Pradeep Pattanayak

Following the outbreak of Cholera in Rourkela, reports of how the BASUDHA and ‘Drink from Tap’ schemes have failed to deliver clean drinking water have started emerging from across Odisha. 

To provide clean drinking water to the residents of Hasimpur village under Baliapal block in Balasore district, an overhead tank was constructed in the village spending lakhs of rupees. It has been two years since the overhead tank construction and pipe-laying works were completed, but the facility is lying unused. Due to alleged substandard work, the tank has developed leakages, rendering it useless. It seems around 300 families in the village have to wait longer to get safe drinking water. 

Also Read: 'Basudha scheme failure': Odisha villagers put utensils on road protesting shortage of drinking water

“Once the water was lifted to the overhead tank, it couldn’t hold it due to leakages. The consumption of direct water is making people ill as its iron content is very high,” alleged Sukesh Mitra, a resident of Hasimpur village.

The situation at Haladharpur under Pattamundai block of Kendrapara district is no better either. Here, an overhead tank was constructed and pipes were laid out and stand posts were installed 12 years ago. But they are now gathering rust for reasons not known to anyone. Even in this winter season, village women stand in a queue at the only tube well in the village to collect their daily quota of drinking water.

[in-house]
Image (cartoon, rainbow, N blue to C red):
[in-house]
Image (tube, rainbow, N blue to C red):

A resident of Haldharpur, Sanjulata Jena said they have taken up the water problem with admin officials and political leaders but to no avail. “This time, we wouldn’t allow political leaders to visit our village,” rued Sanjulata.
 
The BASUDHA yojana in the remote areas has also reportedly gone haywire. The plan to provide clean drinking water using solar power to the residents of Gumma village in Rayagada districts has reportedly flopped. For their daily requirement of water, they depend on a lone tube well that dispenses dirty water. 

Fumed villagers have threatened to boycott the election if their drinking water problem is not solved. 

“Sometimes, we spot small insects in the water we collect from the tube well. So we have tied a piece of cloth to filter out the dust and insects,” said Mandodori Khara, a Gumma village resident. 

On the other hand, the dwellers in colonies and slums in Rourkela city received clean water from Sunday only after WATCO carried out repair works in as many as 93 places. 

The Cholera situation in the steel city is said to be still grim. 

“The WATCO teams have so far repaired 93 leakage points. This apart, complaints are immediately addressed and resolved," said Rourkela Municipality Corporation's Commissioner Subhankar Mohapatra.

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